The trauma can be overwhelming for the young victims. An F.B.I. study reviewing a sample of sextortion cases found that more than a quarter of them led to suicide or attempted suicide. In 2016, a Justice Department report identified sextortion as “by far the most significantly growing threat to children.”
It makes sense the gaming world is where many predators would go: It’s where the children are. Almost every single teenage boy in America — 97 percent — plays video games, while about 83 percent of girls do, according to the Pew Research Center.
In many states, gaming counts as a team sport and can earn players a varsity letter. Colleges offer scholarships to elite gamers, and cities are racing to establish professional teams. The industry is enormously profitable, generating over $43 billion in revenue last year in the United States.
There are many ways for gamers to meet online. They can use built-in chat features on consoles like Xbox and services like Steam, or connect on sites like Discord and Twitch. The games have become extremely social, and developing relationships with strangers on them is normal.
In many instances, the abusive relationships start in the games themselves. In other cases, adults posing as teenagers move conversations from gaming sites and chat rooms to platforms like Facebook Messenger, Kik and Skype, where they can communicate more privately.
“These virtual spaces are essentially hunting grounds,” said Mary Anne Franks, a professor at the University of Miami School of Law and president of the Cyber Civil Rights Initiative, a nonprofit group dedicated to combating online abuse.
One platform frequently used by predators is the video chat site Omegle — users need look no further than the site’s home page to find that out. “Predators have been known to use Omegle, so please be careful,” the site advises under a banner that exclaims, “Talk to strangers!” Omegle did not respond to requests for comment.
This fall, the F.B.I. rolled out an awareness campaign in middle and high schools to encourage children to seek help when caught in an exploitive sexual situation. “Even if you accepted money or a game credit or something else, you are not the one who is in trouble,” material from the campaign explains.
All of it worries Bubba Gaeddert, the executive director of the Varsity Esports Foundation, which gives high schools financial assistance to promote “healthy gaming habits” and develop students’ science and technology skills.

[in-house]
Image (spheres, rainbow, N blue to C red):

Every time there’s a new report of predatory behavior, he said, people ask, “Who’s to blame — schools, society, parents?”
“Well, it’s all of us.”
Playing With Strangers
It was a gamer’s paradise. Last month, 35,000 people had registered for a video game conference in Atlanta called DreamHack, a weekend-long festival for fans to meet and play and for companies to showcase new offerings.
There were exhilarated gamers everywhere, some passed out on sofas from exhaustion.
Ben Halpert was not one of them. As he surveyed the exhibition space, he saw potential peril around every corner. Mr. Halpert runs Savvy Cyber Kids, a nonprofit focused on online safety, a subject he was there to talk about.
“Tech has made it easier for predators to get our kids faster and more efficiently,” he said, adding that it made children vulnerable by “normalizing communication with strangers.”
Today, even games meant for small children, like on Roblox, allow players to chat with others. His own daughter was just 6, Mr. Halpert said, when another player in a children’s animal game asked who she was.
“I didn’t even know they could chat,” he said. “It had nothing to do with gameplay, and none of the other animals were talking to each other. That was someone reaching out to my daughter.”
After making contact, predators often build on the relationship by sending gifts or gaming currency, such as V-Bucks in Fortnite. Then they begin desensitizing children to sexual terms and imagery before asking them to send naked pictures and videos of their own.
“Parents aren’t telling their kids at 6 years old, ‘Keep your clothes on online,’” Mr. Halpert said. “But they need to.”
Mr. Halpert had arranged to hold a panel on sextortion at DreamHack, but it proved difficult to find experts to join the discussion, he said. Some prominent cosplayers, a game community manager and a former e-sports professional sat onstage with him, but they focused on other problems like cyberbullying.
When he brought up grooming, the panelists fell silent or changed the subject.
The audience, too, was quiet. In a festival with tens of thousands of attendees, Mr. Halpert’s talk had attracted just a half-dozen.
“People don’t want to talk about it,” he said.
Catching the Predators
New Jersey police departments were flooded with phone calls from parents and teachers, alarmed about pedophiles lurking on game sites and in chat rooms.
And so law enforcement officials from across the state took over a building near the Jersey Shore last year, and started chatting under assumed identities as children.
In less than a week, they arrested 24 people.
Nearly “every game has a chat, so it’s hard for parents to keep track, even if they’re doing their homework,” said Lilianne Daniel, a deputy attorney general in New Jersey and one of the operation’s leaders. “So we realized there were these unregulated conversations happening.”
“We needed to take the next step,” said Christine Hoffman, an assistant attorney general who helped lead the sting.